Counting is due to start in Ireland following Thursday's election with the turnout predicted to be about three million people.
Voting in Dublin: The outcome is expected to be very close
Current premier Bertie Ahern hopes to return for a third term as taoiseach.
The outcome is expected to be close, with Mr Ahern facing a strong challenge from a centre-left alliance of the Fine Gael party and the Labour Party.
Ireland's proportional representation voting system means it may be several days for the outcome to be clear.
Voting was described as "slow but steady" by Irish state broadcaster RTE. Counting begins on Friday morning.
The contest involves 466 candidates fighting for 165 seats in the Dail (lower house of parliament).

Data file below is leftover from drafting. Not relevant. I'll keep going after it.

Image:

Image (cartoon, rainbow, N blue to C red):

Mr Ahern's Fianna Fail party currently shares power with a smaller group, the Progressive Democrats.
He has been praised for his role in the Northern Ireland political process, which saw the return of devolved power-sharing earlier this month.
The taoiseach has led a coalition government since 1997 - a period of sustained economic growth for Ireland.
Mr Ahern hopes the healthy economy will swing the vote his way
But critics say his centrist Fianna Fail government should have done more to improve public services.
Travelling around Ireland during the campaign, Mr Ahern tried to stress the economic success.
However, he has faced questions about his credibility surrounding money given by a friend in business towards the renovation of a house in Dublin which Mr Ahern eventually bought.
During the campaign, the rival coalition led the opinion polls, only to be pegged back in recent days, with Mr Ahern hoping to again emerge triumphant.
If the result is close, as predicted, smaller parties such as the nationalist Sinn Fein and the Greens may play a significant role in building a governing coalition.